With all the beers available for purchase out there in the burgeoning craft beer world, sometimes it’s just nice to return to an old, steady familiar. I’ve always loved Burton Baton from Dogfish head. Not enough for it to be in my regular rotations, but enough to buy a single every four months ago and remember how much I enjoy it. More about the beer after the jump…
This oak-aged gentle giant has been gaining popularity over the past few years and is now available year-round.
For Burton Baton, we brew two “threads,” or batches, of beer: an English-style old ale and an imperial IPA.
After fementating the beers separately in our stainless tanks, they’re transferred and blended together in one of our large oak tanks. Burton Baton sits on the wood for about a month.
When enjoying the Burton Baton, you’ll find an awesome blend of the citrus notes from Northwestern hops melding with woody, vanilla notes from the oak. The wood also tends to mellow the 10% ABV of Burton, so tread cautiously!
It is quite the unique beer: an old ale mixed with an imperial IPA and then aged in oak tanks, Burton Baton brings the best of both beers together. You get the caramel and the raisin flavors from the old ale and the earthy hops from the IPA pair to form something much akin to an American barley wine, but slightly different. The oak comes through primarily in the form of vanilla; there isn’t much in terms of oak itself, which I suppose isn’t too surprising since it’s only aged on it for a month.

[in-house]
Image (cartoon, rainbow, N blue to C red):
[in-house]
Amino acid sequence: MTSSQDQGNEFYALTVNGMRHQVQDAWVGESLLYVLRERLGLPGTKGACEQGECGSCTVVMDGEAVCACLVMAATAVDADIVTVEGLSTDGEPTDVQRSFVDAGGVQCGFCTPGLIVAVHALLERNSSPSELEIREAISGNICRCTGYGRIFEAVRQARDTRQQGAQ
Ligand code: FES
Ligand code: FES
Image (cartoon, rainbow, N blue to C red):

As you can see, Burton Baton is a little darker than your average IPA/DIPA due to the blending. It has a soft off white head that I wasn’t quick enough to get on camera before it dissipated. At 10% of so, this beer is suspiciously smooth, which not too heavy of a body and next to no indication of the ABV.
You should be able to find this at most better beer stores in the Cincinnati-area that carry Dogfish Head, though in reality this has been one of the DFH beers that seem to hit the shelves more sporadically. I’ve seen them equally often sold as singles and four-packs. Also, if you are interested, I understand that Burton Baton stands up well to aging as the hops fade and it becomes more of an English old ale/barley wine with time.